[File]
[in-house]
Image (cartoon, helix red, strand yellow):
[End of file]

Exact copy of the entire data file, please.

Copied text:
[in-house]
Image (cartoon, helix red, strand yellow):